NC GOP listed nine different occasions in which Ajmera received political contributions from developers or property owners around the time that council approved zoning decisions affecting them.

In a statement given to WBTV, Monday Ajmera wrote “The idea that real estate industry contributions that represent less than 10 percent of my total fundraising in the last election determines where I stand is absurd. My voting record has consistently reflected my value of putting Charlotteans first.

The complaint against Mitchell focuses on a taxpayer-funded trip to Detroit the councilman took in 2018 and first reported by WBTV.

WBTV’s investigation found that Mitchell went to Detroit in November 2018 on a taxpayer-funded trip that cost $1,421.26, records show.

On his reimbursement form, Mitchell listed the purpose of the trip as “return for site of Detroit Sports Facility.” The Detroit Lions hosted the Carolina Panthers that weekend in a regular-season game.

Emails obtained through the records request show that Mitchell was communicating with Carolina Panthers President Tom Glick about visiting Detroit to tour some of its sports facilities.

Mitchell forwarded the email to high-level employees at the company Barton Malow.

Barton Malow is a nationwide contractor that has completed numerous sports facility construction projects including Little Caesars Arena in Detroit. They also were the contractor for the soccer stadium for Orlando City FC and fought to build the new soccer stadium in Nashville.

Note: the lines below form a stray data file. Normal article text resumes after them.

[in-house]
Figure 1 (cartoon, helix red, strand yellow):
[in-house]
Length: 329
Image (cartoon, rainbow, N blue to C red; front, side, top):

A press release from Barton Mallow shows Mitchell was hired at the construction firm in 2014 but he now works at the construction company JE Dunn.

Mitchell has not responded to WBTV’s request for comment.

The complaint filed by the NCGOP states “Mitchell’s current employer (JE Dunn) has several references to strong business partnerships with Barton Mallow, including joint ventures in jobsite accident technology and data sharing agreements.”

The complaint filed against Councilman Bokhari is a carbon-copy of the complaint filed against Ajmera, alleging that he received campaign contributions from developers.

The complaint was filed by Charlotte attorney Brandon Forbes.

In an email to sent to WBTV, Bokhari said there was a difference between the complaint against him and Ajmera.

“While this politically motivated ‘copy and paste’ complaint against me might meet the low threshold for being referred to an independent investigator, which is a policy our attorney has said needs immediate review and revision, the material difference between the NC GOP complaint and any that would be filed against any elected official is not simply who they receive donations from, but also whether they use an active vote in front of council as leverage to solicit those donations,” Bokhari wrote.

WBTV interviewed Mayor Vi Lyles and she said since council members aren’t meeting in person, they aren’t working things out like they usually do. She also says the process will be followed.